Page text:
When a Pull Request on GitHub is created with only one commit, it prefills the Pull Request title and description with the commit subject and message. This is not by accident. This way, the important information of the Pull Request is right there at the top. That’s not to say that a good Pull Request only has one commit, oh no, but it does help a lot with creating smaller Pull Requests.
If a Pull Request has multiple commits, I advise you to use the same format. Repeating all the commits in the Pull Request’s description as separate headings.
I use the important commit’s subject as the Pull Request title or write a brand new one if it helps identify all the combined changes.
There’s very little additional context a Pull Request needs after a good title and description. Commits should contain the important bits of a Pull Request. If more context needs to be added to the Pull Request body, it should have been part of one of the commits.
This also prevents a lot of back and forth between author and reviewers to explain the changes in a Pull Request, speeding up the review time.
If a set of changes start to become large and difficult to review, send in smaller chunks as Pull Requests early to get feedback on the changes. This way you know you’re on the right track.
If you find yourself refactoring code while working on a change, send in a separate Pull Request for the refactor if possible. This way, the Pull Requests are easier to review because their size is smaller and focus only on one type of change. Your team can get started reviewing the refactor while you work on finishing the other changes.
Nobody truly likes to review Pull Requests with 20 commits or 20,000 line changes. It’s difficult to find the important changes between all the noise.
Also, make sure every Pull Request can be merged independently, so it doesn’t have to stay open until the entire change is done.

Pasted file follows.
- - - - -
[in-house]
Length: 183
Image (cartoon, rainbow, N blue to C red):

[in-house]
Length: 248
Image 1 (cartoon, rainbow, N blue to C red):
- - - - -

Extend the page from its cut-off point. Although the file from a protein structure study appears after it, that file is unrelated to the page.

A reviewer doesn’t need to experience the exact same process you went through to get to the final changes. If you first went for approach A and halfway through, switched to approach B, do not include both A and B, but only the final result. But do document the alternatives and reasons why approach B was chosen in the commit message.
Rebase your commits to present a tidy history with just the necessary changes. Nobody needs to see when you merged the upstream develop branch back into your branch. Or when you signed off for the day and committed all your changes into “WIP” to ‘back it up’ on a remote server. This is noise that hides changes in undescriptive commits, and why they were made.
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# History as it was logged during development * WIP * Add button to edit user profile * Merge remote-tracking branch 'origin/develop' * Refactor button component * Fix tests
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# Tidy history ready for review * Refactor button component * Add button to edit user profile
Any additional commits as a result of reviews are of course fine, as they communicate the changes that were made as part of the review. Allowing reviewers to see what changes were made based on their feedback. (So no “Processed feedback” or “Update path/to/file.ext” commits.)
Git is about communicating with your team. Document why you made a change in your git commits. Your team, your future self, and your future colleague will thank you.
Make sure all the context needed is present in commits and Pull Requests in terms of why a change was made, how and what alternatives there were.
Improve Pull Request review turn around time by keeping them small. And make them better by understanding why a change was necessary and review it with that thought in mind.